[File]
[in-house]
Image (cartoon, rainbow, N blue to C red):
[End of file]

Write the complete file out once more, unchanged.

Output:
[in-house]
Image (cartoon, rainbow, N blue to C red):